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What to Know as the Pause on Student Loans Is Set to Expire

College students heading to campus this fall may be confused by the recent headlines about student debt, and wonder: Does any of this affect me?

Will the pause on student loan repayments that started early in the pandemic be extended? Will some student debt be erased?

“It’s a very confusing time,” said Regan Fitzgerald, manager of the Pew Charitable Trusts’ project on student borrower success.

Here’s a rundown of what’s known and unknown, and what students should consider.

The pause on payments and interest on most federal student loans is scheduled to end on Aug. 31. An extension would have less impact on students still in school because they’re not yet repaying their loans, financial aid experts say. (Even in-school borrowers, though, are benefiting from the pause on loan interest.)

And while it’s still unclear whether the Biden administration will act to forgive some student debt, any relief may be limited. It may be targeted to borrowers with income below certain limits and loans borrowed before a given date (possibly before June 30 of this year, according to Politico) — suggesting that students who borrowed as recently as the 2021-22 academic year could benefit. But until plans are announced, “we are not sure what the parameters will be,” Ms. Fitzgerald said.

In an emailed statement, an Education Department spokesman said that the department’s “review of broad-based debt cancellation remains ongoing and no decisions have been made.”

Because the rules seem to be ever changing, it’s important for borrowers to keep up with student loan options and policies, Ms. Fitzgerald said. “Financial awareness around student loans is very important,” she said.

Students who are borrowing money for the fall should concentrate on what they need rather than speculate about whether some debt may be erased, said Michele Streeter, associate director of policy and advocacy at the Institute for College Access and Success, a nonprofit that promotes college affordability.

“I would strongly advise that no one should borrow on the assumption that any loans will be forgiven in the future,” Ms. Streeter said. “If I were a borrower, I would turn off the noise and focus on what I need to borrow at the moment.”

Mark Kantrowitz, a financial-aid expert, advises students to borrow “only as much as you need, not as much as you can.” Your total debt at graduation should be less than your anticipated annual starting salary, he said — ideally, “a lot less.”

Abby Shafroth, a lawyer with the National Consumer Law Center, said students rightfully worried about borrowing too much but should also be wary of borrowing too little. “You don’t want to borrow less but then not have enough for books,” she said.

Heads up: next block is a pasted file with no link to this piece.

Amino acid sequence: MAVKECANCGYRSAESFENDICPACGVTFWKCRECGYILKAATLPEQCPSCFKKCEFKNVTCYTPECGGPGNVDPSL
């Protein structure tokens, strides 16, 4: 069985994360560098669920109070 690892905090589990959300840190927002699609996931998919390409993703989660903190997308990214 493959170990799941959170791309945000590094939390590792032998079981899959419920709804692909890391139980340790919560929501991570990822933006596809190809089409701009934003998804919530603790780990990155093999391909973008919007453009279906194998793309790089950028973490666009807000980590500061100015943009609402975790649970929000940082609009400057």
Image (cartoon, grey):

The Consumer Financial Protection Bureau offers tools on its website to help determine how much you can safely borrow based on your financial situation and anticipated income after graduation.

Here are some questions and answers about student loans:

On July 1, rates for federal student loans for undergraduates rose to 4.99 percent for loans made through June 2023. Rates on federal loans are set each spring based on a formula and apply to all new loans made during a given academic year. The rate is fixed for the life of the loan. So if the rate on your loan for the last academic year was 3.73 percent, that won’t change. (Rates on most student loans are temporarily set to zero during the repayment pause; regular rates are expected to apply when the pause lifts.)

In general, dependent students can borrow up to $5,500 in federal loans their first year, $6,500 their second year, and $7,500 for each of their third and fourth years, with an overall cap of $31,000 (in case it takes longer to graduate). Borrowing caps are higher for independent and graduate students. Parents can borrow so-called Plus loans, at higher interest rates, if additional funding is needed. (Private lenders also offer student loans, but the loans lack the consumer protections of federal loans and are not included in the payment pause.)

It seems increasingly probable, as the August deadline approaches without an announcement of plans to restart payments. “I would say it’s very likely there will be another extension,” Ms. Streeter said. Mr. Kantrowitz said he thought that the pause might be extended into next year.

Loan servicers — the companies that send out statements and manage payments for borrowers — have been given “strong guidance” from the Education Department to hold off on notifying borrowers about resuming payments, said Scott Buchanan, executive director at the Student Loan Servicing Alliance, an industry group. If the repayment pause isn’t extended, he said, “we’ve missed out on an opportunity to prepare for it.”

The New York Times offers a guide to help borrowers prepare for repayment.

A spokesman for the Education Department said that it would communicate directly with borrowers about the end of the payment pause when a decision is made, adding that President Biden has indicated that will happen by the end of August.

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